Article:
Wednesday, December 08, 2004

Intelligence Design: Congress is set to pass a bill that will bring our many intelligence agencies under one czar who will oversee their personnel and finance. This will possibly bring about greater coordination among our intelligence agencies, but I wouldn't expect any dramatic improvements to spring up from this piece of legislation.

Although it has taken three years since the 9/11 attacks to revamp our intelligence network, I still get the feeling that this was a quick fix that was rushed through the system. The 9/11 Commission made the recommendation that one guy needed to control all of our intelligence gathering, and politicians on both sides of the aisle latched onto the suggestion wholesale without much regard to what actual benefit would come of it. We didn't have hardly any substantive discussion during the election. And now a lame-duck Congress is trying to hurry this bill through before both houses adjourn.

The 9/11 attacks and the Iraqi WMD "slam dunk" were two of the biggest intelligence lapses in American history. Part of the problem was that our agencies latched on to certain assumptions early on and didn't adequately question their own beliefs. We needed more voices, a diversity of opinions, new perspectives, and different interpretations of the evidence. How is making all our intelligence gathering the responsibility of one guy going to accomplish that?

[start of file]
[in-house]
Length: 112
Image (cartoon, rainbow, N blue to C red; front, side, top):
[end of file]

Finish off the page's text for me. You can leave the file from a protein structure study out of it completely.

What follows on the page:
Everybody agrees that we need to overhaul our intelligence agencies and that the CIA needs a good house cleaning. Some people wanted an immediate overhaul. I can see, during the uncertainty right after 9/11, that we didn't want to make any panicked decisions. It's better to contemplate real change than to rush something for the sake of doing anything.

Now more than enough time has passed, but nothing real is being done. Despite the failures, only one major figure, George Tenet, has lost his job (and nobody knows for certain whether he was really forced out or he just got bored and left). And even though Bush's new CIA appointee is cleaning house, some opponents are crying foul -- although there are some legitimate questions as to whether Bush is stacking the agency with loyal worker bees.

Bureaucratic shifts may look good to the public, but I don't expect any substantive results from the reorganization. The only way we can safeguard against future failures and catastrophic attacks is to improve the intelligence gathering on the ground. We need more spies inside the terrorist groups and among the hostile regimes. Doing so will take years to do. And I hope that such actions are quietly underway.


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